After this, through the influence of some motive which is unknown to me, Celsus asserts that it is by the names of certain demons, and by the use of incantations, that the Christians appear to be possessed of [miraculous] power; hinting, I suppose, at the practices of those who expel evil spirits by incantations. And here he manifestly appears to malign the gospel. For it is not by incantations that Christians seem to prevail [over evil spirits], but by the name of Jesus, accompanied by the announcement of the narratives which relate to Him ; for the repetition of these has frequently been the means of driving demons out of men, especially when those who repeated them did so in a sound and genuinely believing spirit. Such power, indeed, does the name of Jesus possess over evil spirits, that there have been instances where it was effectual, when it was pronounced even by bad men, which Jesus Himself taught [would be the case], when He said: “Many shall say to me in that day, In Thy name we have cast out devils, and done many wonderful works.”
This veneration of the name of Jesus continued throughout the subsequent centuries as witnessed in the lives of saints and the Christian Kabbalists. (See also the history of the name YHSWH – making the divine name pronounceable as Jesus — and the Sator square). Much has been written about the mystic analyses and plays with the divine name YHWH in later times but the point here is that a few of these ideas can be traced back to late antiquity and it is not unreasonable to think that their origins began in at least the gnostic forms of earliest Christianity and early elements of the Jewish religion. I may post some more details about these arcane ideas in a later post or two.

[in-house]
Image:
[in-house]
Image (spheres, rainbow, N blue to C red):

Till then, it is worth noticing that Moses created the name “Joshua” by changing the name of Hoshea to Joshua by placing at its beginning the first letter of the Tetragrammaton, God’s name. (Recall that in the earlier posts of this series that early Jewish scribes (and not only Jewish ones) found mystical significance in letters, their numerical values, puns, and so forth.) It was with the placing of this part of God’s name to Hoshea that the name Joshua was created by Moses to name the man who was to be imbued with the power of God to lead Israel into the Promised Land.
Jesus means “Yahweh saves” but such a form is not unique: the first of the minor prophets, Hosea, means “Yah saves”; Isaiah means “God saves”. We can find other instances, including Jesse and Josiah. Even Judas, from the Judah who sold Joseph, is set against Jesus by the addition of a letter at the end of the letters making up the Tetragrammaton.
To worship YHWH was to worship his Name. The Temple was the dwelling place of his Name – 1 Kings 8:16; Deuteronomy 12:11. YHWH is even called the Name. The leading Jewish prayer, the Kaddish, is a praise of the Name of God: “Hallowed be thy Name”. The name of Jesus is: It is YHWH who saves — the lead figure in the narrative is the one who saves.